CRESSERONS at 052802 but not for long.
    0528020528026 Jul. 7 Jul.On 6 Jul 44 10 Tp (Lt Mason) under Lt. Moss moved to 962732 ready for Operation "CHARNWOOD" (objective - CAEN) under
    3 British Div - the immediate objective in this sector being LEBISY 0471. On the next day the remainder of the Sqn
    moved out to its various assignments on Operation "CHARNWOOD". 6 Tp (Lt. Henderson) moved under Capt Ryle to an
    assembly area between VIEUX CAIRON and LES BUISSONS984743 in sp of 7 Cdn Bde. 8 Tp (Lt. Beechey) under Capt Dean
    moved to ANISY 0175 in support of 176 Bde. 9 Tp ( Lt. Sander) under Major Spearpoint moved to ANISY 0175 in sp of 197
    Bde. In every case the Crocodiles were to be in reserve in case required. The Squadron thus found itself in the
    impossible situation of being split up over four bridges on three divisional fronts (3 British, 59 Div, 3 Canadian).
    The tactical and administrative drawbacks of this piecemeal allocation were to be proved next day.
    8 JulOperation "CHARNWOOD" 6 & 10 Tps were not called upon during the day and were ultimately released to CRESSERONS
    having done nothing when they might have been utilised in the central sector. Early in the morning 8 Tp had moved to a
    Page 2 of 3
    PlaceDateHourSummary of Events and InformationReferences to Appendices
    F.U.P. at 0774, 9 tp to VILLONS LES BUISSONS. Early in the morning the S.Staffs took heavy casualties from a very
    strong trench system about 300 - 400 yds running west of LA BIJUDE 027734 and south of CAMBES 0176. It was seriously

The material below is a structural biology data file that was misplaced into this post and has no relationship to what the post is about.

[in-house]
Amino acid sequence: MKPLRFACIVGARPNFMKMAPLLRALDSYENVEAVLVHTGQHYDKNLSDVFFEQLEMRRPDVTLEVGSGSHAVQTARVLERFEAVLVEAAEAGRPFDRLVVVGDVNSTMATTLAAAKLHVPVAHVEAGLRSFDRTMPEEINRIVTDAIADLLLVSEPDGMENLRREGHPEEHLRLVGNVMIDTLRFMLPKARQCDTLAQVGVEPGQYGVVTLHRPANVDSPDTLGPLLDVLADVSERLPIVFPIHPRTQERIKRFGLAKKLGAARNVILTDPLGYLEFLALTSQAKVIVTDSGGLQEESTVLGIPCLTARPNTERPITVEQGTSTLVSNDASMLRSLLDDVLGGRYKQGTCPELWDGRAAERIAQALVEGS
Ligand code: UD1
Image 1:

suggested (and agreed to by Comd of a Sqn of 13/18 Hussars of which 8 Tp were under Comd) that the posn be attacked by
    8 Tp alone supported by sixteen infantry personnel. The wiser counsels of Capt Dean fortunately prevailed. He pointed
    out that the posn demanded at least an infantry battalion and that the enemy anti-tank situation was most dubious.
    Above all that to put the Crocodiles in without adequate infantry to kill the enemy and occupy the ground was merely
    to risk the Crocodiles to no purpose whatsoever. It was an assertion of a very sound and necessary axiom "To infantry,
    no show" and his contention was most strongly supported by O.C. 141 RAC - Lieut-Col H. Waddell who happened to arrive.
    By late evening a plan was finally knocked out with the NORFOLKS and 13/18 HUSSARS, and meantime attempts were made by
    Major Spearpoint to have 9 Tp released from 197 Bde to assist in the action.
    The action itself fell in to two phases. 8 Tp crossed the Start Line (East of Rly Line at 023737) sp by the fire of
    13/18 Hussars. Almost immediately Cpl Hischier lost a bogey assembly from a German "Bazooka" and was then penetrated
    by a 75mm through the flame gun ball mounting. The tank brewed up with two killed and three badly burned. Right
    from the start Lt. Beechey could only get unignited shots from his gun and shortly afterwards had his gearbox compartment
    penetrated by a 75mm which almost completely dislocated his steering. Nevertheless, moving in wide circles, he